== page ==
A zero hours, term-time employee’s holiday pay should not have been capped at 12.07% of her annualised hours as suggested in ACAS guidance but rather calculated using the 12-week averaging method in the Working Time Regulations.
Working time and leave
Workers do not lose the right to claim historic arrears of holiday pay where there was a gap of more than three months between underpayments holds the Northern Ireland Court of Appeal.
Voluntary overtime should be factored into the calculation of holiday as long as it is it is sufficiently regular and settled so that payments for overtime amount to ‘normal’ remuneration says the Court of Appeal.
European law obliges employers to establish a system enabling the duration of daily working to be measured.
Although a breach of the Working Time Regulations cannot lead to an injury to feelings award, compensation can reflect personal injury suffered as a consequence of the breach.
Where a worker is entitled, under the Working Time Regulations, to ‘compensatory rest’ instead of a 20-minute uninterrupted rest break, the rest need not, in every case, consist of an uninterrupted 20 minutes, even if it would, in principle, be possible to provide such a break.
Whilst periods of short-time working may reduce the minimum period of statutory leave to less than four weeks, they cannot reduce the amount off pay due when leave is taken – and overtime doesn’t necessarily have to be included in the calculation of holiday pay.
Workers cannot be deprived of paid statutory holiday entitlement on the termination of employment or at the end of a particular reference period/authorised carry-over period unless the employer has ensured ‘specifically and transparently’ that the worker is given the opportunity to take the leave.
The nature of the restrictions that are placed on a worker will determine whether ‘on-call’ time qualifies as ‘working time’.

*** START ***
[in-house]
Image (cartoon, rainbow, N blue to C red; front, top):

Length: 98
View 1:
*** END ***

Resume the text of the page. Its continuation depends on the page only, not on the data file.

Injury to feelings compensation can be awarded in detriment claims under the Working Time Regulations.
The means of enforcing rights to paid holiday in the Working Time Regulations is incompatible with EU law according to the European Court of Justice. Employers must give workers the facility to take paid holiday, workers do not have to take holiday to be able to claim payment for it, refusal to pay is considered as ‘prevention’ and workers can claim unpaid holiday for the whole of their employment or up to the date when paid holiday was offered, whichever is the earliest.
In the first binding authority to consider the issue, the EAT has held that entirely voluntary overtime counts as ‘normal remuneration’ for the purposes of calculating statutory holiday pay under reg. 13 of the Working Time Regulations (i.e. the 20 days’ leave provided for by the Working Time Directive).
Fulton v Bear Scotland Ltd No. 2
The three-month rule which means that workers will lose the right to claim back pay for underpaid holidays where there has been three months or more between underpayments has been upheld on appeal.
Grange v Abellio London Ltd
The EAT confirms that it is the employer’s obligation to ensure that workers take statutory rest breaks - it is not necessary for the worker to ask for a break before the Working Time Regulations are breached.
British Gas Trading Ltd v Lock
In the long-running litigation relating to what should and should not be paid to a worker when they are on holiday, British Gas went to the Court of Appeal to argue that this should not include results-based commission and that English law, as currently drafted, could not be read as complying with EU law and therefore a change of law is required. This would have the practical effect of there being no ability to bring back claims until the new law is imposed. It lost on both counts.